Maximize Your Space: 10 Biggest Tips to Create Space in Your Small Place

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As a professional organizer in New York City – one of the most space-challenged places in the country – I help my clients make the best use of every inch of space in tiny apartments. Here’s how:

  • Clear clutter – Less is more. Get rid of things you don’t use, don’t need, and don’t love. This will free up space quickly. Make some extra cash or get a tax donation by selling or donating your excess possessions.
  • Take advantage of “prime real estate” – When space is at a minimum, it’s crucial that you use it wisely. Utilize the space that is most accessible and most visible for the things you use most often. Keep things clear by storing the stuff you use less frequently in out-of-the-way places. Read more about the organizing principle of prime real estate
  • Size does matter – Make sure your furniture, appliances and accessories aren’t too big for your space. Even changing the size of a lamp or a rug can make your place seem more spacious.
  • Go vertical – Use shelves, hooks and racks to store stuff on walls, doors, even from the ceiling. Get creative – a spice rack can be used in the bathroom; an over-the-door shoe holder can store office supplies.

Image courtesy of Barb McMahon

  • Find hidden space – Unused space behind doors, in corners and under beds can be great for storage. Boxes and containers come in all sizes; you can find something to fit any nook.
  • Get double-duty furniture – Get the most out of your furniture. Consider coffee tables with storage, benches with shelves or cubbies, ottomans with hidden compartments. A loft bed gives you more available floor space.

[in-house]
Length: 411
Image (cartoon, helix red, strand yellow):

• Keep it light – Don’t let your furniture overwhelm your space. Glass looks lighter than wood. Furniture with thin legs seems to take up less space. Chairs without arms are less bulky.
  • Contain yourself – Store things in containers to make your space look less cluttered. Boxes on shelves can contain – and hide – all sorts of things, from clothing to papers to batteries, light bulbs and other utilitarian items.
  • Pack it and stack it – Look for furniture that can be put away, folded up or stacked when it’s not needed, such as nesting tables and folding chairs. Furniture on wheels can be easily moved to reconfigure your space for different uses.
  • Think outside the box – If all else fails, consider renting storage space. If you use outside storage wisely – to store items you actually use (like out of season clothes or sporting equipment) or need to keep (like old tax records), it can be well worth the expense. However, think twice before storing bulky items like furniture that you might use “some day”; the long-term cost of storage could be more than the value of the items.
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